Alibaba Has Big Hopes for New Big Data Processing Service
(Beijing) – Alibaba Group Holding Ltd. and its wealth of data on online vendors and shoppers has for a long time inspired imaginations for how big data technologies can reshape life on the Internet and beyond.
The e-commerce giant has been using advanced data-analyzing technologies to help extend small loans since 2010, paving the way for clouding computing services that aim to commercialize its computing power.
It launched a service on July 8, lifting the veil on the technologies and offering a glimpse into how other companies can make use of them. The Open Data Processing Service (ODPS) allows users to remotely tap into Alibaba servers equipped with algorithms that, according to the company, can process 100 million high-definition movies' worth of data in six hours.
Using the ODPS is like using a juicer, an executive of the firm's cloud computing arm that manages the service said.
"You feed parameters to the program and turn on the tap for the juice to flow, with the results varying depending on the raw data and the computing algorithms," the executive said.
The service has been tried out by Aliloans, Alibaba's small loan unit, which uses the technology to evaluate lending risk and grant loans to vendors and companies using the firm's shopping websites.
This has significantly cut the cost of making loans below what it costs banks while keeping bad loans under control, the firm's data shows.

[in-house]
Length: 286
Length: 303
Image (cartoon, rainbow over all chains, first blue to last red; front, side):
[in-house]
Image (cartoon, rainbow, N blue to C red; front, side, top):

Every loan costs 0.3 yuan, roughly one-thousandth of what a traditional loan by a bank would cost, the firm said. Bad loans recently accounted for about 1.3 percent of its total, slightly higher than the banking industry's average of around 1 percent.
All of the loans Alibaba's small-loan unit extended are unsecured, meaning they do not require any collateral. This makes pre-lending risk assessment particularly important because if a borrower defaults on a loan, there are no assets the lender can seize.
To evaluate the lending risk, the ODPS draws on data from Alibaba's shopping websites and Alipay, the e-commerce company said. Alipay, the country's largest third-party payment service, is operated by a firm related to Alibaba.
A typical day of operations would see the program use more than 100 computing models to process over 80 billion data entries, such as the borrower's credit rating and customer reviews, to form conclusions about its willingness and ability to repay loans.
More than 70 people work on developing models for ODPS in the small-loan business, and all decisions regarding whether to grant a loan are made by the system without human intervention, said Lou Jianxun, general manager of Alibaba's small and micro-business financial service department.
ODPS can handle more than just loans. One of its algorithms, according to a company insider familiar with the system, allows Aliloans to spot vendors who have been too aggressive in certain fields and lagging in others by evaluating a mix of data including their promotional campaigns and profit margins.
Based on the results, Aliloans can come up with suggestions for how the vendors need to adjust their operations and provide financial support accordingly, the source said.
Another model, developed in 2012, allows Aliloans to pace lending more effectively, the source said. Before it was applied, the traditional wisdom of banking would see credit for companies tighten in July and August when sales are usually slower. But the model found that it was also during that time that many companies need to increase stock in preparation for big promotions later in the year.